So yes, col­lec­tive bar­gain­ing is impor­tant, but we also have to pay atten­tion to the oth­er kinds of wage sup­ports peo­ple need. Will we like­ly have a com­pre­hen­sive safe­ty social net in Amer­i­ca? I don’t know if we will again. I do know things like trans­porta­tion, hous­ing, land use and many of those deci­sions are made local­ly and statewide with fed­er­al frame­works that set the tone, but those deci­sions are made local­ly and statewide. We have to see those issues as wage-sup­port issues. They can’t be seen as dis­con­nect­ed from our con­cern. So labor shouldn’t aban­don its com­mit­ment to col­lec­tive bar­gain­ing, but it also shouldn’t walk away from the oth­er kinds of things peo­ple need if it’s will­ing to be an insti­tu­tion peo­ple are will­ing to look to in order to solve social problems. 

In Cal­i­for­nia in the 1990s, you helped to cre­ate the Children’s Health Ini­tia­tive in Sil­i­con Val­ley to pro­vide health­care for chil­dren. Do you think that region­al exper­i­men­ta­tion might be a way that health­care reform con­tin­ues to evolve, and is even­tu­al­ly made national?

Here’s what I think: There’s going to be a lot of fed­er­al frame­works that are going to get cre­ative around leg­is­la­tion in the next sev­er­al years. We know that after health­care, there’s going to be a bill that’s already being debat­ed in Con­gress about cli­mate change. While no one would argue the fed­er­al gov­ern­ment shouldn’t cre­ate the frame­work for reform, the imple­men­ta­tion and innovation…will take place in the states and region­al lev­el. That’s why we argue for strong smart infra­struc­ture on the state and local lev­el to real­ize the objec­tives of a true pro­gres­sive America.

In San Jose, the ini­tia­tive cre­at­ed a pub­lic option, which is now almost ten years old. We’ve had every sin­gle eval­u­a­tion pos­si­ble — you don’t get big foun­da­tion mon­ey with­out being eval­u­at­ed by out­side eval­u­a­tors — to demon­strate we had a success.

So the exam­ple here speaks to two things. One, that we can solve real­ly big prob­lems at the region­al lev­el. Two, we can cre­ate inno­va­tion region­al­ly. The abil­i­ty to col­lab­o­rate and cre­ate rela­tion­ships and alliances is prob­a­bly greater at a local lev­el than fed­er­al­ly. I said two things, but it’s real­ly about three things. The third thing is we can cre­ate pro­grams that can be repli­cat­ed in oth­er parts of the country.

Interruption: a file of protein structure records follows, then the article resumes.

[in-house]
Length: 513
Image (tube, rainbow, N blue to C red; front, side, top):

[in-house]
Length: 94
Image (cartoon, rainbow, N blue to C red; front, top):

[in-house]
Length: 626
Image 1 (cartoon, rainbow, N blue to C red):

What’s one piece of leg­is­la­tion you would like to see passed right now?

I think the most impor­tant thing the pro­gres­sives need to fig­ure out is tax and fis­cal reform. It’s real­ly hard to talk about much reform in the absence of rebuild­ing government’s role. The things Repub­li­cans have been so suc­cess­ful about is their abil­i­ty to be suc­cess­ful in starv­ing the beast. For 30 years these guys said we’re going to elim­i­nate the gov­ern­ments role oth­er than wars and financ­ing the inter­ests of our pri­vate friends… So to now expect we are going to have all these huge pub­lic resources to ful­fill social need — it’s not going to hap­pen. State bud­gets are hem­or­rhag­ing all over the coun­try, stim­u­lus mon­ey was used to prop up those gov­ern­ments. So if we are going to cre­ate pros­per­i­ty again, we have to have tax and fis­cal reform so that the pub­lic sec­tor has resources so it could do it’s job. 

The sec­ond thing is we have to make col­lec­tive bar­gain­ing avail­able to every sin­gle work­er. Peo­ple have to have the right and free­dom to bar­gain col­lec­tive­ly with their employ­er. [The abil­i­ty to] do so would increase wages, ben­e­fits and con­di­tions at work. 

Can you high­light a project or orga­ni­za­tion that is doing real­ly great work right now?

Com­mu­ni­ty Labor Unit­ed, around their green jobs cam­paign. It gives def­i­n­i­tion to what it real­ly means to cre­ate a green job. And these guys are so hum­ble and so non-assum­ing, yet they’re doing amaz­ing stuff.

Who would you say is your favorite elect­ed leader, past or present, and why?

One of my favorite elect­ed lead­ers is Mike Hon­da, a con­gress­man in Cal­i­for­nia. I would do any­thing for this guy: He takes chances, he takes risk. He always sticks to his pro­gres­sive val­ues. Even when he is a minor­i­ty, he nev­er sways from his val­ues. I would also say Hil­da Solis [the for­mer Cal­i­for­nia con­gress­woman who now heads the labor depart­ment]. If we had more Hil­da Solis­es and Mike Hon­das, the world would be a bet­ter place.

Who deserves to be a lot more famous than what they are?

Antho­ny Thig­penn in Cal­i­for­nia, he runs an orga­ni­za­tion in Cal­i­for­nia called SCOPE [Strate­gic Con­cepts in Orga­niz­ing and Pol­i­cy Edu­ca­tion]. He’s real­ly an orga­niz­er. He ran the field cam­paign for Anto­nio Ver­agosa. He’s been doing a lot of com­mu­ni­ty orga­niz­ing and envi­ron­men­tal jus­tice, and has worked to build alliances with labor and com­mu­ni­ty orga­ni­za­tions. [Editor’s note: In 2006, SCOPE con­vened the Los Ange­les Apol­lo Alliance, which aims to con­nect low-income com­mu­ni­ties to the emerg­ing green economy.”] 

Often times com­mu­ni­ty orga­ni­za­tions don’t see the val­ue in doing elec­toral work, which I think is an unfor­tu­nate rem­nant of the [Saul] Alin­sky era. He has the kind of dis­ci­pline and big pic­ture view and humil­i­ty that we need a whole lot more of. The abil­i­ty to put imme­di­ate insti­tu­tion­al inter­ests aside and keep col­lab­o­ra­tions togeth­er and think long-term. Antho­ny Thig­penn should be more famous than he is.

This inter­view was edit­ed for clar­i­ty and concision.


—March 262010

Amy Dean is a fel­low of The Cen­tu­ry Foun­da­tion and prin­ci­pal of ABD Ven­tures, LLC, an orga­ni­za­tion­al devel­op­ment con­sult­ing firm that works to devel­op new and inno­v­a­tive orga­niz­ing strate­gies for social change orga­ni­za­tions. Dean is co-author, with David Reynolds, of A New New Deal: How Region­al Activism Will Reshape the Amer­i­can Labor Move­ment. Dean has worked for near­ly two decades at the cross sec­tion of labor and com­mu­ni­ty based orga­ni­za­tions link­ing pol­i­cy and research with action and advo­ca­cy. You can fol­low Amy on twit­ter @amybdean, or she can be reached via www​.amyb​dean​.com.